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Child custody fights could hurt US-Japan ties

Posted by Jeremy Morley | Feb 04, 2010 | 0 Comments

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The U.S. Government is clearly asserting more pressure on Japan to change its ways than ever before. See article below. On Saturday envoys from Australia, Britain, Canada, France, Italy, New Zealand, Spain and the United States met with Japanese Foreign Minister Katsuya Okada on this issue. They issued a joint statement that they were there to "submit our concerns over the increase of international parental abduction cases involving Japan and affecting our nationals." "Currently the left-behind parents of children abducted to or from Japan have little hope of having their children returned," said the statement. Such parents "encounter great difficulties in obtaining access to their children and exercising their parental rights and responsibilities," it said.

The Japanese Foreign Minister said that, "This is a very serious issue, to which we have to find a solution." 

However, if past practice is a precedent, the Foreign Minister's statement means very little. The bureaucrats will take action only if, as and when they feel that they have little or no choice but to do so. We are not at that point yet. Far more pressure must be imposed.

Child custody fights could hurt US-Japan ties
By Associated Press 
February 3, 2010

TOKYO - Japan should work to solve problems in international custody cases so that children of broken marriages have access to both parents, a senior US official said yesterday, hinting that the issue could hurt bilateral relations.

Visiting US Assistant Secretary of State Kurt Campbell said Japan's position has “raised very real concerns among senior and prominent Americans in Congress, on Capitol Hill, and elsewhere.''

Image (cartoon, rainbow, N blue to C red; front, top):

Japan has not signed an international convention on child abductions, and its domestic family law permits only one parent to have custody of children in cases of divorce, nearly always the mother. That leaves many fathers, including foreigners, unable to see their children in Japan until they are grown up.

There are about 70 cases of American parents who are kept from seeing their children in Japan, and Campbell met with several of them in a group earlier yesterday. He called their situations “heartbreaking.''

Steve Christie, an American university instructor who lives in Japan and met with Campbell, said he has rarely seen his son the past four years ever since his wife, whom he has divorced, suddenly left with the boy.

“This is our life and blood, this is our offspring, and we're being denied a chance to see them,'' said Christie, 50. “It's not right, it's immoral, it's unethical.''

In some cases, Japanese mothers living overseas have fled to Japan with their children and kept the fathers from having any contact, even if court rulings abroad ordered joint custody.

About the Author

Jeremy Morley

Jeremy D. Morley was admitted to the New York Bar in 1975 and concentrates on international family law. His firm works with clients around the world from its New York office, with a global network of local counsel. Mr. Morley is the author of "International Family Law Practice,...

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